The series of theatre works I made next apparently head less to do with the head-on, confrontational approach of Vision of Love. But the work was no less passionate; in fact, it grew wilder. Racine’s would-be empress, Berenice; Joanna Lumley reinventing the Bette Davis role in Maugham’s The Letter; one gorgeous, fully uniformed cop and seven bleeding queer hoodlums toting a machine gun and diamonds in the English-language premiere of Jean Genet’s lost play Splendid’s—these were all fierce creatures. In all of those stories a heart cried out, risking death and ostracism. Bodies and voices turned into weapons and acted out a desperate rage to live. But HIV was not once mentioned. I was aiming too deep. I wanted to get people in the arse, the gut, the heart. I wanted to force them to imagine someone else’s suffering.
It wasn’t all agony. There were nights of great joy—glamorous, dragged-up extravaganzas staged, often as not, in pubs, clubs and the streets. The ’90s have also been for me the decade of the great unacknowledged new gay art form: The benefit. Four-inch heels on an ice rink; Ian McKellen, Stephen Fry and Neil Tennant reciting Oscar Wilde’s The Ballad of Reading Gaol after four hours of rehearsal; propping up Vanessa Redgrave in Trafalgar Square. The apparent subject matter of these events didn’t have to be depicted. It was never spelled out. For one benefit. Robin created a giant canvas depicting a man in a vast, empty pool, striking out. No one had to ask what this painting was about. What has to be spoken of on these nights are the things of which we can barely speak: Anger and laughter in the face of death. The inflection of a voice, the defiance of a frock, the turning of a lyric, the glance that brings the house to its feet; this is where the art of our times really lies. Look at what we use on these nights—variety, drag, musical theater; the art forms in which we embrace our past, honor every queen who ever made an art out of implying. This is the medium that vanquishes horror, dissolves despair and elicits laughter from those who have no reason to laugh.
Our most recent work is The Seven Sacraments of NicolasPoussin (1997). Having hired a lecture room positioned halfway between the maternity ward and the terminal ward in a London hospital, we retold the story of the body, from birth to deathbed, in the form of a meditation on a series of paintings by the French painter NicolasPoussin. Seventeenth-century religious iconography? The sacraments of the Christian church? Penance? Communion? Why? people asked. To answer, I donned the unlikeliest drag of my career: A doctor’s coat and surgical gown. What appeared to be a medical lecture transformed into a recitation in which the English prayer books out the sacraments as the body makes its journey to death. As the body was stripped, examined and exposed, it found its voice—speaking of adoration, of compassion in the cold, neon-lit rooms of a hospital. Twisting and turning old ceremonies of love and loss into new shapes, I forced them to keep the promise of our childhood: That they would be there when we really needed them.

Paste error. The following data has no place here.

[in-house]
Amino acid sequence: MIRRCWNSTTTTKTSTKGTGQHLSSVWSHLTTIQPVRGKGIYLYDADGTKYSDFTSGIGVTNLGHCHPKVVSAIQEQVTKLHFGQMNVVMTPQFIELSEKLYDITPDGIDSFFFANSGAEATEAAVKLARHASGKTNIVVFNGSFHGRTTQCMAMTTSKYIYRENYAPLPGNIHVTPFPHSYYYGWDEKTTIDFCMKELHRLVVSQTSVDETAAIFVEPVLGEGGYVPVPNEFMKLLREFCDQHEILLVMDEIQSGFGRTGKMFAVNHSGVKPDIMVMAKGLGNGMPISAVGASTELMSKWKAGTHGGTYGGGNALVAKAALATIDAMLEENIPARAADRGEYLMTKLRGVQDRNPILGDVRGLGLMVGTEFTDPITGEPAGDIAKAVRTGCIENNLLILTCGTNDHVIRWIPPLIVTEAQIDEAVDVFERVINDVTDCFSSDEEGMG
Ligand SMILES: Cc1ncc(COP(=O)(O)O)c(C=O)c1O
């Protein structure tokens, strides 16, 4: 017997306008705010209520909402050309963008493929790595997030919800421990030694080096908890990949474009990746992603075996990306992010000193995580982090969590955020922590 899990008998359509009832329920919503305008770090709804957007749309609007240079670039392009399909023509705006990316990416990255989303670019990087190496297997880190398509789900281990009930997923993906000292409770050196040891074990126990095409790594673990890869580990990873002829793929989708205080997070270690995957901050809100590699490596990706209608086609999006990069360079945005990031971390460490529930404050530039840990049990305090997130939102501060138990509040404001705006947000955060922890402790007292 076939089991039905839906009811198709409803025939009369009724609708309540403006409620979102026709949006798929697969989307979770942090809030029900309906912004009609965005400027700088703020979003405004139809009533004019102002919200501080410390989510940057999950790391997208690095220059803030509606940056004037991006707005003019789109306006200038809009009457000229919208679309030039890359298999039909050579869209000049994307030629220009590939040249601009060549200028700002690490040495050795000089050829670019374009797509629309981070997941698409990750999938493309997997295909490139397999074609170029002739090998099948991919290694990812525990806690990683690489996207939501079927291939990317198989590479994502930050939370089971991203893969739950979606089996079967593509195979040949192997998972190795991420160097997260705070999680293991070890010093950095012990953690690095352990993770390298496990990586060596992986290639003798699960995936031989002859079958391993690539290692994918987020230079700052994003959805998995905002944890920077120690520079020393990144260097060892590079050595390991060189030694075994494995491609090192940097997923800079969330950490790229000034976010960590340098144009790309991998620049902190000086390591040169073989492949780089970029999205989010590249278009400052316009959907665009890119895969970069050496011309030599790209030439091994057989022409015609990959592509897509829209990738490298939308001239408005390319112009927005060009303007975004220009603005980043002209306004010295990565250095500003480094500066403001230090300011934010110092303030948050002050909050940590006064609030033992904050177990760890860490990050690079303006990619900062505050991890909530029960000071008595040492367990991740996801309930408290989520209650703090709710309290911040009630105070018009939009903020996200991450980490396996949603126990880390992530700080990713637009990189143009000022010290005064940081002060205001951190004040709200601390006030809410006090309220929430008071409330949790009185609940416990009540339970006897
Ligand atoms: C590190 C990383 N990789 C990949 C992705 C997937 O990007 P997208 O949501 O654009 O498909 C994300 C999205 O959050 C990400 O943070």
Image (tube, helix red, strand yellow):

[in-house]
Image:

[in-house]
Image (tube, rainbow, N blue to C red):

The piece ended with the simple image of a man sitting by a hospital bed, every detail of the setting real (the drip, the clock ticking away at four in the morning, the useless jug of water), except that the bed was empty, the pillow bearing only the trace of the head that had lain there. The vigil had no end. I stayed there, as one does on those nights, for as long as I had to; sometimes it took nearly half an hour for the last audience member to leave. For some, this was the image of an AIDS death; traumatic or peaceful, according to their own experience. For me, it was a re-enactment of my mother’s death. Because the image bore no label, everyone saw it differently.
These are the gestures of performances and images that Robin and I strive for—ones that are common but suddenly flare up into new urgency and clarity. In the midst of a flippant, god-forsaken, pumped-up city, I think we all have a need to create a space for silence and meditation where we can sit with others and stare at life hard, long and quietly, as if it were a painting. Gay culture is very noisy, very busy, very crowded. Sometimes we need to just sit and be still.